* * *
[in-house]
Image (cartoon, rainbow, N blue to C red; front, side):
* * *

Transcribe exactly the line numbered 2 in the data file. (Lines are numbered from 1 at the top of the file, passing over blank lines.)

Image (cartoon, rainbow, N blue to C red; front, side):